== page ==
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Muslim who converted to Christianity will speak in Edmond

Nabeel Qureshi, who converted to Christianity from Islam, says he wants to build bridges of understanding between Muslims and Christians. Qureshi will speak Feb. 9 at First Presbyterian Church of Edmond.
by Carla Hinton Published: February 1, 2014
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— A former Muslim on a search for Allah said he found the Christian savior instead.

Nabeel Qureshi, Ph.D., said he put his life experiences and the events surrounding his conversion from Islam to Christianity in his book “Seeking Allah, Finding Jesus.”

Qureshi, 30, of Atlanta, said he grew up in a devout Muslim family and had read the Quran in Arabic by the time he was 5. He said he was proud of his Islamic identity, but a close college friend presented Christianity to him, eventually leading to his conversion.

With his book set for release Feb. 11, Qureshi, who holds master's degrees in Christian apologetics and religion, will share excerpts from his spiritual journey during a presentation set for Feb. 9 at First Presbyterian Church of Edmond. He is a member of the Ravi Zacharias International Ministries speaking team, traveling around the world to discuss his perspective of Islam and Christianity.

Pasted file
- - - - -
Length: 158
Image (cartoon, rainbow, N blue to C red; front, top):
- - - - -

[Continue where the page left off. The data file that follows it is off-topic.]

First Presbyterian's senior pastor, the Rev. Mateen Elass, Ph.D., who also converted to Christianity from Islam, said he hopes Qureshi's presentation will “encourage respectful dialogue and learning about other religious beliefs.”

In a recent telephone interview, Qureshi discussed his mission as a member of the Ravi Zacharias International Ministries speaking team:

Q: Why do you make it a point to speak to different audiences about your life experiences and conversion?

A: I feel that Christ is an important truth; the Christian message is important. It's not just something I believe, it's something that has the power to shape and change the world. That's why I share with people what happened to me.

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by Carla Hinton
Religion Editor
Carla Hinton, an Oklahoma City native, joined The Oklahoman in 1986 as a National Society of Newspaper Editors minority intern. She began reporting full-time for The Oklahoman two years later and has served as a beat writer covering a wide...
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